The Isley Brothers prove they started it
The Isley Brothers’ red and white suits might have matched the occasion, but their Friday night oneoff at the Durham Performing Arts Center was the furthest thing from another collection of holiday jingles. The respective voice and soul of one of the most important acts in rock and R&B history, Ron and Ernie’s rare performance was a loving, if occasionally uneven, look back at more than 50 years of extraordinary influence.
Of the litany of eras that the Isleys have made an indelible impression, the surviving brother duo, backed by a formidable seven-piece band, settled on their silky bedroom funk for the bulk of their 75-minute set. A 30-minute delay and double-sized servings of a drink called Between the Sheets got the nearly sold-out Durham crowd in the appropriate states of mind, while Ron’s velvety croon and Ernie’s effusive guitar recited an oral history of rock. Early pronouncements by “Between the Sheets” and “”Footsteps In the Dark” were heady reminders of the Isleys’ place in hip-hop, as samples of Biggie’s and Ice Cube’s vocals from “Big Poppa” and “It Was a Good Day” connected the now classic hip-hop tracks to their forbearers.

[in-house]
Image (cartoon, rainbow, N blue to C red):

Ron’s impatience with the oldest of the group’s material showed, however, when it came time for the courtesy nod to “Shout.” He commanded the audience to its feet, only to scurry through the rock keystone, skipping over its vocal break entirely. The drama, it seemed, had finally staled after 53 years. Nods to Lionel Richie’s “Hello” and Ron’s contributions to R. Kelly’s “Down Low (Nobody Has to Know),” along with Ernie’s smoldering passages in “Voyage to Atlantis,” however, made better use of that time.